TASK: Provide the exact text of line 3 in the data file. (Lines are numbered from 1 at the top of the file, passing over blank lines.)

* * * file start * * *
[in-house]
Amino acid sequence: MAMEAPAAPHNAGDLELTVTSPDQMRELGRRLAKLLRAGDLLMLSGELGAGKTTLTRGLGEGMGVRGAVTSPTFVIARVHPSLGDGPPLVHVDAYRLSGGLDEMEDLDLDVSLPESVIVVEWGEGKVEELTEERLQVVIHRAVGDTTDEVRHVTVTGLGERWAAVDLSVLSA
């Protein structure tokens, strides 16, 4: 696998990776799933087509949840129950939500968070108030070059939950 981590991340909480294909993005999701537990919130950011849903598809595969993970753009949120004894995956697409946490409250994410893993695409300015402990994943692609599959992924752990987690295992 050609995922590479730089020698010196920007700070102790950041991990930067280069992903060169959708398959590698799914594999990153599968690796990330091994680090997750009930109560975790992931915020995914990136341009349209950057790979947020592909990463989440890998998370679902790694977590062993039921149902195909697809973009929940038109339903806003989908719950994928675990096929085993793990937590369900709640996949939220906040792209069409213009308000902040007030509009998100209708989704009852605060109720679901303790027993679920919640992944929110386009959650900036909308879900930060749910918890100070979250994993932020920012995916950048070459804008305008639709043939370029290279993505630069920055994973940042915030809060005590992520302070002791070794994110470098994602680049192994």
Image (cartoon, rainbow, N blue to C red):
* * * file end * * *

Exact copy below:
């Protein structure tokens, strides 16, 4: 696998990776799933087509949840129950939500968070108030070059939950 981590991340909480294909993005999701537990919130950011849903598809595969993970753009949120004894995956697409946490409250994410893993695409300015402990994943692609599959992924752990987690295992 050609995922590479730089020698010196920007700070102790950041991990930067280069992903060169959708398959590698799914594999990153599968690796990330091994680090997750009930109560975790992931915020995914990136341009349209950057790979947020592909990463989440890998998370679902790694977590062993039921149902195909697809973009929940038109339903806003989908719950994928675990096929085993793990937590369900709640996949939220906040792209069409213009308000902040007030509009998100209708989704009852605060109720679901303790027993679920919640992944929110386009959650900036909308879900930060749910918890100070979250994993932020920012995916950048070459804008305008639709043939370029290279993505630069920055994973940042915030809060005590992520302070002791070794994110470098994602680049192994």